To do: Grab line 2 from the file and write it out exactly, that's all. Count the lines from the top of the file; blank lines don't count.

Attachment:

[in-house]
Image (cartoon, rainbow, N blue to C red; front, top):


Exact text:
Image (cartoon, rainbow, N blue to C red; front, top):